Expression is an art form we all share, no matter our artistic ability. People express themselves through their choice of clothing, music, and even questionable hairstyles. Painters use paint and musicians use instruments. While some may not realize, style and personality are also expressed through home décor. What is hung on a person’s walls or placed underneath their coffee table can give insight into their character and outlook. Décor has affected my life less than a year ago during a transition to a new home and city.

Moving can be a stressful, new, and emotional experience. Psychologists suggest that a major relocation is comparable to the emotional stress of a divorce or the death of a loved one. While that may seem like a stretch, it certainly affects the mind in a similarly dramatic way. I lived in Bakersfield, California for eight years before relocating to Santa Maria, California. The promise of a beautiful new city with perfect weather and an incredible job opportunity for my husband made the move more optimistic, the anxiety and pressure of the move changed our lives quite a bit.

Finding a new home in the city was looking hopeless, as my husband had already excepted the job offer and set a start date. We had such difficulty finding a place that we had considered accepting the four-hour daily commute for his position. We were able to find a home at the very last moment, three days before his start date and we still had to get all our belongings from point A to point B. After the last article of furniture was moved into the home, depression began to creep into my life.

I found myself battling a deep depression that I was too ashamed to talk about. I would sit in the new home by myself for hours feeling terrible about our new situation. My husband would come home from work to boxes still stacked in the living room and a wife who was overcome by an unexplainable grief. After weeks of sulking and keeping to myself, I finally reached out to my husband with confidence. He reminded me of how blessed we were to be in the new place, and how excited I was in the beginning. I started to have a better outlook, but things weren’t really changing.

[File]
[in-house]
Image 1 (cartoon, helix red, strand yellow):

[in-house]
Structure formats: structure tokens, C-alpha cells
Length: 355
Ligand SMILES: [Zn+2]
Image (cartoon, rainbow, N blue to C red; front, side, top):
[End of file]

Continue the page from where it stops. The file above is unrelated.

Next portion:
Only a few days after my husband and I confronted my sadness, I came home from a trip to the grocery store only to find that he had unpacked some of my paintings and placed them on the floors along the living room, walls. I was shocked and slightly confused until he reminded me of my love for color and my passion for art. He insisted I hang my paintings and make our house a home. While I was hesitant at first, unpacking boxes and finding new places to put my knick-knacks, paintings, and family photos sparked a long-lost excitement in my heart. I took a step further out of my painful depression with each item of décor that I placed in the home.

The sunflower yellow, burgundy, and Moroccan teal flowing through my home quickly drowned out the white walls of confinement I had been trapped in. Expressing myself through my home décor lifted me up out of a very difficult time in my life. Décor allowed me to gain peace in a strange place during a new chapter of my life. With color on the walls, rugs on the floors, and through pillows on the couches, I was finally looking forward to having new friends into my home. I enjoyed waking up in a new place and my husband was relieved to come home from work each day to an actual warm and loving home.

Expression of our feelings and personality helps us to grow and accept newfound adventures in our lives. A home should keep your heart gladdened and a visitor’s eyes busy with excitement. The next time I hear of a friend, family member or associate is preparing for a move I will surely encourage them to unpack swiftly. I will encourage them to find the fun in decorating a new home and to surround themselves with décor that brings them harmony, enthusiasm, and comfort because décor will transform their house into a home. It certainly did for me!